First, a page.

Until that time, tkMS had been the preferred contender, supported by the desire of German and Dutch politicians to operate submarines together. After negotiations came to a standstill, it was Saab-Damen that became number one on the list, especially after the Defence Industry Strategy was published in November, which stated that the Ministry of Defence would from now on prefer Dutch industry.
The shipyard or shipyards shortlisted by the MoD were to be announced in the B-Letter. However, the publication of that letter was postponed a few times. First, the letter was expected at the end of 2018, then mid-February, then March and now April.
As time went on, the contenders increased pressure on Saab-Damen. Only Navantia was still convinced of its participation in the next round at the end of 2018. Naval Group and tkMS made themselves heard.
The German shipyard tkMS did so by announcing that it wanted to fully adapt the Type 212CD to Dutch requirements, at the expense of the commonality with the German and Norwegian submarines. It also offered to build the submarines at the maintenance site of the Royal Netherlands Navy in Den Helder and to fully transfer the intellectual property for the Dutch submarines.
Naval Group publicly announced a collaboration with Royal IHC, a Dutch shipyard that specializes in dredging vessels.
Saab-Damen Winning Edge Over tkMS
In the meantime, the MoD really took its time to make the choice for the B-Letter. The objective was not to compare the contenders from a technical perspective, since it is expected that the Dutch Defence Material Organization (DMO) already had a preference on technical grounds back in the autumn of 2018. Rather, it was mainly a political issue, the result of the political and diplomatic pressure on The Hague.
This became even more difficult after the Netherlands had bought shares from Air France – KLM, unannounced. Since the Dutch airline had been taken over by Air France, France had more shares than the Netherlands. However, for a while, there had been a disagreement between the Netherlands and France about the airline and when the Netherlands bought shares, so it would have the same number as France, Paris was not pleased. According to sources, the resulting diplomatic pressure benefited Naval Group in this phase of the WALRUS replacement.
Although it is expected that the Dutch MoD has a preference for Saab-Damen’s offer, such events may still have an effect on the outcome. After all, none of the parties has the perfect offer.
As the contenders often point out, Saab-Damen is the least experienced candidate. Kockums built the COLLINS class for Australia in the 90s, but was only involved in modernisation projects until the construction of the new A26 started. Damen has no recent submarine experience at all.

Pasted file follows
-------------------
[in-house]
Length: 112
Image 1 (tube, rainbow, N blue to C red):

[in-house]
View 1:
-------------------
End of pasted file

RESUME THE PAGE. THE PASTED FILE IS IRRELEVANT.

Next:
The problems with the COLLINS class are not a good advertisement for Saab Kockums, either. A big advantage of this combination, though, is that Damen is well acquainted with the Dutch Navy, its culture and its way of operating. Damen has brought in many experienced Dutch submariners and Saab and Damen have already had four years to get to know each other.
Submarines are continually built by tkMS, either in Germany or in the customer’s country. Nevertheless, without the support of the German-Norwegian-Dutch deal, it is very difficult for tkMS to win. The Dutch submarine service does not want the 212CD, and tkMS does not have much experience with what the Dutch actually want. Insiders know that tkMS builds decent submarines, but they fear their bureaucracy and their sometimes rigid attitude during the design phase.
Also, the German Navy itself is not experienced in operating at a great distance from its home port; the German submarine service operates the Type 212A, which is designed for the Baltic. The fact that the new submarines of the German Navy recently faced problems is not in support of tkMS’ bid, either.
The collaboration with the large Naval Group is feared as well, certainly because the Dutch submarines are much less important to Naval Group than to the other parties. The expectation is that the small Dutch DMO will not be able to leave its mark on the design. Nobody worries about the quality of the submarines, but people do worry about the price.
A cooperation between Spanish Navantia and the Netherlands would work just fine. In the 1990s, both countries jointly designed an LPD and a replenishment ship, after which the ships were built in Spain and the Netherlands. The design of the S-80 PLUS, however, seems to be limiting and not fitting with the way the Netherlands operates its submarines.
Yet, a strong cooperation is important, because none of the shipbuilders have a submarine design which is ready to be used without modification. Eventually, a new design will have to be made.
This also leads to criticism from the shipyards. Although the Netherlands has apparently abandoned its past demand for a military off-the-shelf submarine and has accepted new designs, more information about the requirements has not yet been released.
Still, the Netherlands already wants a new submarine to replace the Walrus class in 2027. That seems unfeasible. In any case, it starts with the B-Letter, which hopefully will have been published by the time this issue has.